Here we go with another really long walk in Houston.
EDIT: By popular demand, full sized images now in place of the thumbnails, which were put in originally because of the sheer volume of images.
Photos taken May 20, 2009
Remember newspapers? Remember when we had two of them? (The Houston Post closed in 1995. The Houston Chronicle remains as the only daily newspaper in the city.)
An abandoned restaurant or bar of some sort. Let's take a look inside.
Whoops, my bad. Hope I don't get sued or something.
Frenchy's Cleaners. Not to be confused with Frenchy's Chicken.
Gentrification getting under way on Houston's near north side.
This is pretty much the classic Houston skyline shot. It looks great, but you can't see the older towers like the Gulf (Chase Building) and Niels Esperson, which were the cornerstones of the Houston skyline before the modern skyscraper boom starting in the 1960s.
Interstate 45 heading north. I'm standing on the Quitman Street bridge over 45.
I'm just north of a huge freeway interchange at I-45 and I-10. Kind of easy to lose track of that as I venture toward Woodland Heights.
All this a stone's throw away of downtown in the fourth largest city in America.
A Hurricane Ike casualty?
Woodland Heights, a neighborhood established over a century ago. It's nearly as old as Houston Heights, a formerly independent town which is now part of Houston and portions of it are now a designated historic district.
Lots of back streets covered in trees and greenery around here. And some say there's nothing in this city but concrete.
I sat in this park for a little while to rest.
Continuing on my way now...
Houston is flat, but there is actually a semblance of rolling terrain here along White Oak Bayou. By this city's standards these are hills!
If there actually were a lot of hills though, I probably wouldn't have made it walking this far. Climbing hills gets tiresome. Flat terrain doesn't always a good postcard make but it makes for good long-distance walking. Good for cycling too.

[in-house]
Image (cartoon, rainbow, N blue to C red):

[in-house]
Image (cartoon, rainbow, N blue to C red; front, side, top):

I wish they hadn't concreted this bayou. This was intended to be a flood control mechanism, leaving us with concrete ditches that flood anyway. There are projects underway to restore a more natural appearance to the bayous in Houston however. The sooner the better, because this whole stretch here along White Oak Bayou has the potential to be really beautiful.
Look! A hill!
Just picture this without the concrete bayou banks.
Taylor St. bridge.
I've followed White Oak Drive for most of the stretch since crossing over I-45 but I went across this stretch of Usener Street, going off into a neighborhood and straying from the bayou for a bit.
Fitzgerald's. Plenty of bands have played here.
There are a lot of great cities in the world, but Houston has to be the only one where I could show you a sign like this with a club/rock concert venue right next to two peaceful-looking houses.
They're damned serious about preservation though. Good on them.
Interesting this is called the Montrose Skate Shop when I'm a couple miles north of Montrose, in Houston Heights and not even that close to Montrose/Studemont/Studewood Boulevard (same street, different names) anymore.
I should pick this up and take it when I go shoot pictures in sketchy neighborhoods; that way if someone comes up to mug me or whatever I can just smack them over the head with a eight-foot-long traffic sign.
Turning right from White Oak Drive onto Heights Boulevard, and drawing closer to the destination for the evening.
Between the evening sun and all the trees, getting clear shots was a little tricky.
This promenade runs down Heights Boulevard.
Houston Heights used to be its own town, but was annexed by Houston in 1919. This is its own downtown of sorts.
Before there was Cinemark...
Time to head back.
The Heights used to be a streetcar suburb - that is, people rode a streetcar from the center of Houston into the Heights, which for most intents and purposes is considered part of the inner city now.
Houston Heights was annexed by Houston in 1919. Today the term "the Heights" is typically understood in Houston to mean Houston Heights, despite other neighborhoods with "Heights" in the name, like Woodland Heights or Independence Heights to the northeast across the North Loop. It was a dry town; per the annexation agreement the alcohol sales restrictions remained and are still in place today in parts of the Heights.
Instead of streetcars we've got buses now.
Riding back downtown, about 8 pm. And they say nobody walks around downtown after work lets out.
Thanks for viewing and reading.